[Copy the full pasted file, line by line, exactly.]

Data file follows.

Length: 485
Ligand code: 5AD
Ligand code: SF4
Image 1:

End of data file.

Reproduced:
Length: 485
Ligand code: 5AD
Ligand code: SF4
Image 1: